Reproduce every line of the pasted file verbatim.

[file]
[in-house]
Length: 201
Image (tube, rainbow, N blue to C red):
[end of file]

[in-house]
Length: 201
Image (tube, rainbow, N blue to C red):